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New EU project gets to grips with globetrotting germs [Print to PDF] [Print to RTF]

As Germany was struck by a devastating Escherichia coli (E. coli) crisis in June 2011, the dangers of transferring life-threatening disease-causing germs in food from one country to another once again hit the headlines. Despite the alarm however, until now very few studies hav...
New EU project gets to grips with globetrotting germs
As Germany was struck by a devastating Escherichia coli (E. coli) crisis in June 2011, the dangers of transferring life-threatening disease-causing germs in food from one country to another once again hit the headlines. Despite the alarm however, until now very few studies have been carried out into the actual danger posed by germs that enter the EU along with food. Step in a new EU-funded project that hopes to tackle pesky pathogens like E. coli head on.

The PROMISE ('Protection of consumers by microbial risk mitigation through segregation of expertise') project received almost EUR 3 million in funding from the 'Food, agriculture and fisheries, and biotechnology' Theme of the EU's Seventh Framework Programme (FP7). It brings together 20 project partners from Austria, Croatia, the Czech Republic, Germany, Greece, Hungary, Ireland, Romania, Slovakia, Slovenia, Spain, Turkey and the United Kingdom.

The researchers will take samples of food confiscated at major European ports and airports as well as at smaller border crossings and test them for the presence of bacteria.

As standards of hygiene in food production in many tropical and subtropical countries don't meet those applied in Europe, bringing foods into Europe from abroad can have serious implications for health. Martin Wagner, from coordinating institution the Institute for Milk Hygiene, Milk Technology and Food Science at the University of Veterinary Medicine in Vienna, Austria, explains: 'In Frankfurt airport alone, about 22 tons of food people had brought with them on over 5 000 flights were confiscated over a 15-month period. And this amount is probably just the tip of the iceberg. The authorities at Vienna airport also undertake checks and frequently find food of animal origin that is being imported illegally.'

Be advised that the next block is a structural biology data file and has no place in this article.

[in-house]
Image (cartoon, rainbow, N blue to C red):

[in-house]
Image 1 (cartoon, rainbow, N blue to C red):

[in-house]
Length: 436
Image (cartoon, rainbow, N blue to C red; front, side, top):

However, few passengers seem to be aware of these rules determining what you can and can't bring back in your suitcase. Moreover, even when a security check does uncover foodstuff, rarely is an examination into which bacteria the food contains and how dangerous they could have been carried out.

Martin Wagner outlines the two main objectives of the PROMISE project: 'We would like to make a survey of germs brought in together with food and we also plan to investigate the potential the bacteria have for causing disease'.

The project partners will also pool data from throughout Europe to enable an accurate assessment of the risks posed by contaminated food of animal origin and will build up an extensive database of bacterial isolates identified in the course of the work. PROMISE also seeks to improve communication between authorities responsible for risk management in existing EU Member States and candidate countries.

A single shipment of fenugreek seeds from Egypt is thought to have been the source of the E. coli epidemic in Germany in June 2011. It claimed 48 lives in Germany alone, before the epidemic spread into other parts of Europe including France.

All humans and animals carry E. coli bacteria in their intestines, and they are usually harmless. However, there are particular strains of E. coli that are capable of producing toxins. These toxins have the potential to cause severe, bloody diarrhoea, which may result in an acute kidney failure requiring intensive care.

To reduce the risk of contracting E. coli, before preparing, serving, or eating food, the European Food Safety Authority (EFSA) advises always washing your hands thoroughly after using the toilet or changing nappies, after handling raw vegetables, roots or meat, after contact with farm animals or after visiting a farm, and after any contact with faeces from household pets.
Source: Veterinärmedizinische Universität Wien

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Programmes

Countries (12)

  • Austria, Czech Republic, Germany, Greece, Spain, Croatia, Hungary, Ireland, Romania, Slovenia, Slovakia, Turkey
Record Number: 34415 / Last updated on: 2012-03-20
Category: Project
Provider: EC